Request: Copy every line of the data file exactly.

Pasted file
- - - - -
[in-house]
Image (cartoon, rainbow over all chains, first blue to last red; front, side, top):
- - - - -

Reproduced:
[in-house]
Image (cartoon, rainbow over all chains, first blue to last red; front, side, top):